Tibetans welcome the new year with fifteen days of celebration, the first three of which are most important. First, people clean and decorate their homes and monasteries where they perform rituals for protection. The second day is for contemplation and prayer and from the third day there is for eating, drinking and celebration.
During the first month of the Tibetan calendar, Buddhist devotees visit the temples to pray, worship, burn incense and listen to scripture recitals. At this time, the monasteries’ greatest treasures are displayed, they are particularly spectacular in Jokhang and Labrang. The monks chant and perform ritual dances called Cham.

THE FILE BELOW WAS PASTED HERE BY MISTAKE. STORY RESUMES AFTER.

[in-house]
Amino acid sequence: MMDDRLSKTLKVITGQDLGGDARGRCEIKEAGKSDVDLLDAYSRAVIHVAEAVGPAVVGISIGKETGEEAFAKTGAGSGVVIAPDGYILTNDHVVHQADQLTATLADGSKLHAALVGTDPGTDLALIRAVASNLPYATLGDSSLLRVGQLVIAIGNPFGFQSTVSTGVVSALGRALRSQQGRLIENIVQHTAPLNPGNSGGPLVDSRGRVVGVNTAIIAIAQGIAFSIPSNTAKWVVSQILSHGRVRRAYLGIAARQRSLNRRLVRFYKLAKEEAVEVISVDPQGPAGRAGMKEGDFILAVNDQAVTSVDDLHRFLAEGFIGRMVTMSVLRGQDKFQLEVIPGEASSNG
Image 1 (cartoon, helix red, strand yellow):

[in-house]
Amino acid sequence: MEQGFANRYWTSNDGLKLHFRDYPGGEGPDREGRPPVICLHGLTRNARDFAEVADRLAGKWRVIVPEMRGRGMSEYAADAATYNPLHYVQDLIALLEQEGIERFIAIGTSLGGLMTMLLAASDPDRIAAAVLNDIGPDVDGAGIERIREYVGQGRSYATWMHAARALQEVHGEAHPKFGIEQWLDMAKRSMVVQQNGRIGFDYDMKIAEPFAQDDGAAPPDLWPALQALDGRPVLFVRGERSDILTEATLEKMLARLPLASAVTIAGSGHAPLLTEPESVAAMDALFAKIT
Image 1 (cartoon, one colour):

This festival marks the end of the New Year celebrations throughout Tibet. It is a day of feasting and traditional dance and music is performed. Lamps made of yak butter are carved into the shapes of deities, flowers and animals and displayed in the middle of decorative shrines. On the day of the festival, the lamps are lit.